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Walls inside St. Vincent de Paul Church in Germantown reflect story of hope and representation

Meet the artist who helped a Germantown church prioritize representation in art
Meet the artist who helped a Germantown church prioritize representation in art 02:13

PHILADELPHIA (CBS) — When a Germantown church needed to renovate, it took the opportunity to rethink its artwork to better reflect its community.

On the walls inside St. Vincent de Paul Roman Catholic Church in Germantown is a story of hope and representation.

"Two things are most important in the whole project ... Jesus and the cross," artist Cavin Jones said.

Jones is the artist behind the 14 Stations of the Cross, representing Jesus' journey to crucifixion and death, painting Jesus as a Black man.

"I was changed from the process of everything I had to go through in my personal life," Jones said. "Coincidently I was doing these paintings, and I came out a different person."

And painting a very different Jesus.

One of the paintings Cavin Jones created for St. Vincent de Paul Church in Germantown CBS News Philadelphia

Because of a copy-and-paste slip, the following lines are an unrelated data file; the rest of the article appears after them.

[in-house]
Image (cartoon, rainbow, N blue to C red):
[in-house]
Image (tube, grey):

Four years ago, Jones was hired to paint each station to reflect the people who fill the pews on any given Sunday — people who look like him.

The Rev. Sylvester Peterka has led the parish for 11 years and serves a congregation that is predominantly Black and Brown people.

"We wanted a cultural diversity so everybody could feel this is my church," Peterka said. "Germantown is probably 85% African descent, African American or African."

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Julie Kring was a part of hiring Jones. She said Black representation in the 14 stations isn't seen in many churches. She will never forget a conversation she had with a Black girl in Sunday school several years ago.

"There was the traditional painting of Jesus with the children," Kring said, "and Jesus was White and all the children were White, and the little girl looked up to me and said, 'Ms. Julie, did Jesus hang out with little Black kids too?'"

Jones' paintings are the answer to that question.

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The rich colors in every painting shine bright after a year-long journey.

"I didn't want to use this sort of traditional robes and and gowns and stuff that usually you see in these kind of paintings," Jones said. "Some of the clothing, I changed the color."

He hopes that difference is felt by every parishioner and that every station celebrates the uniqueness of the church's community.

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